Rampant deforestation has posed serious threats on water supply, biodiversity, wildlife and water resources, besides causing soil erosion, sedimentation, slope failure and landslides across Kedah.
Kulim, Baling, Sik, Langkawi, Padang Terap and Kubang Pasu are six districts adversely affected by forest destruction and clearing for agricultural activities, and logging.
Sahabat Alam Malaysia (SAM) president S.M. Mohamed Idris noted that the water level at the Pedu Dam had dropped drastically during the drought earlier this year, and if the deforestation persisted, it could affect rice production, hence livelihood of MADA farmers.
He wants the Kedah government to immediately stop the destruction of forests and logging activities in the state to protect these natural resources and ensure sufficient water supply.
“We call on for an immediate halt of deforestation and logging activities,” he said today.
SAM objects to any new projects planned, including the proposed Naok Dam in Pendang and plantation and mining projects in Gunung Inas Forest Reserve in Kulim.
Idris said these projects would not only destroy the environment and watersheds but also affect agricultural production, life and livelihoods of people in three states, namely Kedah, Perlis and Penang.
“Construction of new dams is not a solution to water problems in the state.
“Forests and natural resources should be restored, protected and conserved for future generations,” he said.
The 2015 Annual Report of the Forestry Department of Peninsular Malaysia states that the forested land area in Kedah covered 342,431 hectares or 36.33% of the total land area.
Kedah Forestry Department director said last February that more than 2,000 hectares of forest in the state’s forest reserves had been encroached and cleared for development of new agricultural areas.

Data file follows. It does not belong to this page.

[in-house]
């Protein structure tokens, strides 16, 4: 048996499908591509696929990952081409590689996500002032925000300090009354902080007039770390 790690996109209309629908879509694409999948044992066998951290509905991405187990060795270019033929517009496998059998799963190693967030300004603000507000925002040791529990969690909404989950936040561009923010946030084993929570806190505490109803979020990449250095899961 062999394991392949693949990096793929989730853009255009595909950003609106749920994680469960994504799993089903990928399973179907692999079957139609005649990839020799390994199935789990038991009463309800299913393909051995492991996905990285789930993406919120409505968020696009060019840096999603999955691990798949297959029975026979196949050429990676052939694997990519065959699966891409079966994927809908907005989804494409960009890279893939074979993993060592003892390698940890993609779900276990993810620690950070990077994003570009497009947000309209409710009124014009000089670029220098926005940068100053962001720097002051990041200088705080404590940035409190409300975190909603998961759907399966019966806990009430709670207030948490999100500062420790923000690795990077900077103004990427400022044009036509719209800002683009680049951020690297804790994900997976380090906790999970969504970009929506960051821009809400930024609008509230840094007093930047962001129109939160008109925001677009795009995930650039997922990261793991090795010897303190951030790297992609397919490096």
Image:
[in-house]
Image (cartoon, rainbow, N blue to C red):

“This indicates that the forest cover in the state is at an alarming rate and if further deforestation is not curbed it will lead to a more precarious situation,” said Idris.
SAM’s survey found that deforestation for plantation development and logging has seriously affected watersheds and villagers’ water supply has been contaminated with mud.
Villagers in Kampung Ulu Mahang in Kulim and Kampung Teluk Teduri in Baling are concerned that the community water supply sourced from the forest near their village will be affected by the destruction of the forests here.
SAM’s survey also found that the hills that were cleared have been left idle for long, triggering soil erosion when it rains, subsequently disrupting drainage systems.
Rivers in the state have also become shallow due to sedimentation.
Idris said SAM was disappointed that although the state’s water crisis was currently acute, but until now no effective measures and planning had been made by the government to address the issue.
In recent years frequent flash floods occurred at villages nearby logging areas, causing heavy losses to the residents whose belongings, properties and crops have been damaged.
“Apart from reducing the total forest area which threatens biodiversity and wildlife, deforestation also affects water resources and contributes to soil erosion, sedimentation, slope failure and landslides.
“In addition to threatening the environment and causing flash floods in several areas of the state, logging and land clearing has also affected the lives of thousands of water users including paddy farmers,” said Idris.